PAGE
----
The Frick Collection has announced that Bradford Evans and Bernard Selz have joined the instituion’s board of trustees. Chair Margot Bogert said that the new members “come to the board with strong leadership backgrounds and financial acumen. They also share with our staff a deeply held commitment to making the collections and the Frick experience accessible to a broad and interested public.”
Evans is a senior advisor at Morgan Stanley, where he has worked since 1970. He has been a member of the Frick since 2000. He will serve on the museum’s investment and capital campaign committees.
Selz is currently the managing partner of Selz Capital LLC and is cofounder of Furman Selz, Inc. He is a trustee of American Friends of the Victoria and Albert Museum, the World Monuments Fund, and Baltimore’s Walters Art Museum. Selz currently serves on the acquisitions committee.
Boston’s Institute of Contemporary Art announced today that Sonia Almeida, Jennifer Bornstein, Lucien Castaing-Taylor and Véréna Paravel, and Lucy Kim have been awarded the 2017 James and Audrey Foster Prize. Each artist will be featured in a prize exhibition for which they will present a major work or group of works in the city for the first time. Organized by senior curator Dan Byers and curatorial assistant Jeffrey De Blois, the show will run from February 15 through July 9, 2017.
“This year’s James and Audrey Foster Prize Exhibition shines a light on a selection of established Boston-based artists working at a national and international level, but whose work has only received limited exposure here at home,” ICA director Jill Medvedow said.
Established in 1999, the James and Audrey Foster Prize, formerly known as the ICA Artist Prize, recognizes artists working in the Boston area. It was renamed after James and Audrey Foster endowed the prize with a $1 million gift. This edition of the prize will also present Foster Talks, a series of discussions for which the winning artists will invite a writer, artist, performer, or cultural figure who has influenced their work to engage the artist and audience in conversation.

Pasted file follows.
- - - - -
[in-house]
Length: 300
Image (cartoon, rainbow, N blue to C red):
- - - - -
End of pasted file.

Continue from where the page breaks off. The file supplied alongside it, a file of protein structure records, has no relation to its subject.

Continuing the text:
One week after Christie’s announced that sales were down 29 percent from last year, three high-ranking officials have left the auction house, the New York Times reports. It is unclear whether Paul R. Provost, the senior vice president and director of trusts, estates and appraisals; Nicholas Hall, international head of old master paintings and nineteenth century art; and Cathy Elkies, head of Christie’s twentieth and twenty-first century design stepped down or were dismissed.
In a statement, Christie’s said, “As a private company, we don’t comment on speculation around our employees. However, like any business, we continue to review the deployment of resources and focus investment on areas of growth so as to best to serve our clients.”
According to Claire Voon of Hyperallergic, Jersey City has painted over artist Gary Wynans’s public artwork, which the city’s public arts program commissioned in May.
Wynans, who also goes by the name Mr. AbiLLity, discovered on Monday that his larger-than-life, Jersey City–centric, Monopoly board mural, which was painted on Newark Avenue Pedestrian Plaza, was gone; in its place was a fresh coat of green paint.